The high command of the Army of the Potomac was a changeable, often dysfunctional band of brothers, going through the fires of war under seven commanding generals in three years, until Grant came east in 1864. The men in charge all too frequently appeared to be fighting against the administration in Washington instead of for it, increasingly cast as political pawns facing down a vindictive congressional Committee on the Conduct of the War.
Best-selling author and acclaimed Civil War expert Stephen W. Sears, hailed by The New York Times Book Review as “arguably the preeminent living historian of the war’s eastern theater,” crafts what will stand the test of time as the definitive history of the greatest battle ever fought on American soil. Drawing on years of research, Sears focuses on the big picture, capturing the entire essence of the momentous three day struggle while offering fresh insights that will surprise even the best versed Civil War buffs.
"I loved this detailed account of the battle"
Here is the story of how the English acquired their vast domain; how they ruled, maintained, and exploited it; and how, within decades, they presided over its dissolution. Here are Britain's triumphs and also her stinging defeats, her heroes and her scoundrels. It is a full and fascinating chronicle of the growth of the British Empire and its people and of the impact that empire had on the rest of the world.
The Civil War battle waged on September 17, 1862, at Antietam Creek, Maryland, was one of the bloodiest in the nation's history: On this single day, the battle claimed nearly 23,000 casualties. In Landscape Turned Red, the renowned historian Stephen Sears draws on a remarkable cache of diaries, dispatches, and letters to recreate the vivid drama of Antietam as experienced not only by its leaders but also by its soldiers, both Union and Confederate.
A former editor of American Heritage, Stephen W. Sears has collected a wealth of new sources for this definitive portrait of one of the most dramatic battles of the Civil War. Using scores of letters and diaries written by soldiers from both Union and Confederate armies, Sears’ narrative history seeks to strip away the gloss of later commentary and restore the battle of Chancellorsville to its original voices.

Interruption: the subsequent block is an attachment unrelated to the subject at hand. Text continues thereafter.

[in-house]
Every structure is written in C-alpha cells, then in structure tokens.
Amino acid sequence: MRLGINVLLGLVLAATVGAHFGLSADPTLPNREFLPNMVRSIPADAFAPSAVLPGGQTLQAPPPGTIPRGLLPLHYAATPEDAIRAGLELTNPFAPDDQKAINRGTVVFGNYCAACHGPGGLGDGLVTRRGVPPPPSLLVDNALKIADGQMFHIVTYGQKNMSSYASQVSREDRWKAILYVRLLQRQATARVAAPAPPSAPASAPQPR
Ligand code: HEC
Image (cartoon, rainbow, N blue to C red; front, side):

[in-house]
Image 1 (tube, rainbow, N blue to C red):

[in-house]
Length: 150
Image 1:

The struggle for North Africa was unlike any other campaign of World War II. The desert proved a real test of generalship, pitting Germany's Erwin Rommel against Britain's Bernard Montgomery and America's George Patton. Here, from award-winning military historian Stephen W. Sears, is the dramatic story of the generals, politicians, and soldiers who changed the course of the war.
At dusk on December 8, 1941, the carrier Enterprise and her escort of cruisers and destroyers entered Pearl Harbor. Officers and men lined the rails, watching in stunned silence. The twisted, smoldering superstructure of the Arizona was still aflame, and there was a stench of charred wood and fuel oil in the air.
It was the largest campaign ever attempted in the Civil War: the Peninsula campaign of 1862. General George McClellan planned to advance from Yorktown up the Virginia Peninsula and destroy the Rebel army in its own capital. But with Robert E. Lee delivering blows to the Union army, McClellan’s plan fell through at the gates of Richmond.
"Reliable, professional and readable historian"
Throughout the devastating years of the Civil War, the Union Army of the Potomac seldom marched in step. In this provocative book, acclaimed historian and award-winning author Stephen W. Sears takes a fascinating look at some of the intriguing Union generals and the controversies that swirled around them. Delving into historical documents and the personal papers of military officers, Sears shares the compelling stories of oft-maligned Generals McClellan and Hooker, the shocking court-martial of patriotic General Stone, the failed plots to kidnap Confederate President Jefferson Davis, and more.
The air war over Europe during World War II proved that combat in the sky can be even more devastating than combat on the ground. When the war ended, every major city in Germany was virtually destroyed. A German writer admitted that his own nation, in taking up the sword to conquer the world, had "summoned up those bands of furies which raced across the German skies".